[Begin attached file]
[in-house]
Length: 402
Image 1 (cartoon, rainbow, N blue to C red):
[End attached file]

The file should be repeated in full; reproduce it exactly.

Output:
[in-house]
Length: 402
Image 1 (cartoon, rainbow, N blue to C red):